packed column l2, and at least part of the control of the temperature gradient referred to above may be attained by admitting water or other suitable aqueous fluid through one or more of a plurality of inlets, represented by inlet IS. The liquid phosphoric acid which reaches the bottom of the packed column l2 drops therefrom onto an elevated hearth I8. Fine alkali metal salts or compounds, either separately or admixed with fine calcium containing compounds all of which are reactive with the liquid phosphoric acid to form the respective phosphates, are admitted either to that portion of the combustion chamber above the elevated hearth I8, through one or more of a plurality of inlets, represented by inlet 20, or are admitted onto the elevated hearth l8, by one or more of a plurality of inlets, represented by inlet 22. The temperature in the combustion chamber is so regulated that the temperature on the elevated hearth l8 below the packed column I2 is such as to cause the salts or compounds and phosphoric acid admitted thereto to react and form fused alkali metal phosphate. This fused alkali metal phosphate may be withdrawn from hearth 24 or from the side or sides of elevated hearth l8 as required, depending upon the temperature gradient maintained The gaseous mixture which passes to the top of the packed column I2 is withdrawn through a suitable acid collecting system represented by condenser 26 wherein at least sufficient condensation takes place to effect the separation of that relatively small proportion of phosphoric acid which is carried by the gaseous mixture. The gas and liquid condensate from the condenser 26 passes into separator 28 which retains the condensate while the gas separated therefrom passes to exhauster 32 which maintains a proper pressure difierential throughout the system. The liquid condensate or phosphoric acid so separated passes through valved line 30 into the lower portion of column I2 and thereby aids in not only maintaining the proper temperature gradient in the bottom of the column but also aids in washing out that portion of the volatilized alkali metal compound which has been separated from the hot gaseous mixture as it passes through that part of the column.

One example of the operation of my process is given for the production of sodium metaphosphate from sodium chloride and elemental phosphorus. ,The elemental phosphorus is burned using an excess of air to form the hot aseous mixture containing phosphorus pentoxide and the phosphorus pentoxide in the hot gaseous mixture thus formed is hydrated to metaphosphoric acid and partially cooled by the admission of steam and/or water to the hot gaseous mixture. The partially cooled mixture is passed upwardly through a packed column wherein the temperature at the bottom of the column is maintained at approximately 700 C., with predetermined control of excess air, excess water and gas velocity through the column. The phosphoric acid separated from the packed column drops from the latter as a liquid on the elevated hearth portion of the chamber below the column. Fine sodium chloride is blown with air into the descending liquid metaphosphoric acid. A substantial portion of the sodium chloride reacts with the phosphoric acid and the resulting sodium metaphosphate is fused on the elevated hearth and withdrawn from the heating zone. That portion of the phosphoric acid which does not react mess is given for the production of calcium potas-- sium metaphosphate from rock phosphate, potassium chloride and elemental phosphorus. The conditions of operation are the same as those given'in the first example above except that in addition Tennessee brown rock phosphate is blown with air into the descending liquid metaphosphoric acid. The resulting calcium potassium metaphosphate is a light brown glassy material with appearance similar to that of solidified fused calcium metaphosphate. An analysis of a representative sample of the calcium potassium metaphosphate so produced showed the contents tobe 19.3% CaO, 54.2% P205, 15.6% K20 and 0.9% citrate insoluble. These values correspond to the following respective mol ratios P205:CaO::1.1l:1; PzO5:K2O::2.3:1; and P205: Ca0+K2O::0.75:1. Notwithstanding the apparent excess of phosphorous pentoxide in the compound over that corresponding to normal metaphosphates this calcium potassium metaphosphate appears to be quite stable and remains unchanged even when it is exposed to a moist atmosphere for a number of months.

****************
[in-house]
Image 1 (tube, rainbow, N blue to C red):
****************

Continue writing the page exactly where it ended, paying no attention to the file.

It is evident that there are numerous factors which will influence conditions for the most satisfactory operation of my invention, the actual Y limits of which cannot be established except by convenient to contact the hot liquid phosphoric acid with fine rock phosphate rather than to carry out this same procedure with cold metaphosphoric acid followed by heating the mixture until the reaction between the rock phosphate and the metaphosphoric acid takes place and the reacting product fuses.